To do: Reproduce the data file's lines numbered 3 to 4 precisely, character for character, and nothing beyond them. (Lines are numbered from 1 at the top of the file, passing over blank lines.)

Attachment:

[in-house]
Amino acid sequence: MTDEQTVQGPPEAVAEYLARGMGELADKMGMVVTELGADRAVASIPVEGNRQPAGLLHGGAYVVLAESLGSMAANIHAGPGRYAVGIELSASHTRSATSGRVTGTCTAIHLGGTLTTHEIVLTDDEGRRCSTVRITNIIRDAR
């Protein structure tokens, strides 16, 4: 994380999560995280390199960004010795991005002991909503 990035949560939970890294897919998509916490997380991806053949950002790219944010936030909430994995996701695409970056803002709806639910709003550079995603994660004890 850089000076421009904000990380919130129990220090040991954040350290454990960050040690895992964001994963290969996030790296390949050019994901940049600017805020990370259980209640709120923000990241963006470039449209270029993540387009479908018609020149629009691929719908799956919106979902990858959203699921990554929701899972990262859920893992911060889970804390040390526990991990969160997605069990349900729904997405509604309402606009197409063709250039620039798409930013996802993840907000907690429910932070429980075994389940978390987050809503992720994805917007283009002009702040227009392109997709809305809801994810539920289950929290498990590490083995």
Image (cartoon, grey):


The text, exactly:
């Protein structure tokens, strides 16, 4: 994380999560995280390199960004010795991005002991909503 990035949560939970890294897919998509916490997380991806053949950002790219944010936030909430994995996701695409970056803002709806639910709003550079995603994660004890 850089000076421009904000990380919130129990220090040991954040350290454990960050040690895992964001994963290969996030790296390949050019994901940049600017805020990370259980209640709120923000990241963006470039449209270029993540387009479908018609020149629009691929719908799956919106979902990858959203699921990554929701899972990262859920893992911060889970804390040390526990991990969160997605069990349900729904997405509604309402606009197409063709250039620039798409930013996802993840907000907690429910932070429980075994389940978390987050809503992720994805917007283009002009702040227009392109997709809305809801994810539920289950929290498990590490083995």
Image (cartoon, grey):